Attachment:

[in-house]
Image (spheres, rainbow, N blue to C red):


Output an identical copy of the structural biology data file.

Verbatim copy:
[in-house]
Image (spheres, rainbow, N blue to C red):